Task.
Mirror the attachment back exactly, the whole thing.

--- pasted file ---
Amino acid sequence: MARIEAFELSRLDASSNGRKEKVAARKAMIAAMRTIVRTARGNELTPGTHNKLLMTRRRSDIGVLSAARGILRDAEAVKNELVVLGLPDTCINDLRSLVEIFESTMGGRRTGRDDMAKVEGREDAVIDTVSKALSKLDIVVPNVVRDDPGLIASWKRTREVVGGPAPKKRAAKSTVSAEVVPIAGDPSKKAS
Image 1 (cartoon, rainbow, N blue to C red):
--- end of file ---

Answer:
Amino acid sequence: MARIEAFELSRLDASSNGRKEKVAARKAMIAAMRTIVRTARGNELTPGTHNKLLMTRRRSDIGVLSAARGILRDAEAVKNELVVLGLPDTCINDLRSLVEIFESTMGGRRTGRDDMAKVEGREDAVIDTVSKALSKLDIVVPNVVRDDPGLIASWKRTREVVGGPAPKKRAAKSTVSAEVVPIAGDPSKKAS
Image 1 (cartoon, rainbow, N blue to C red):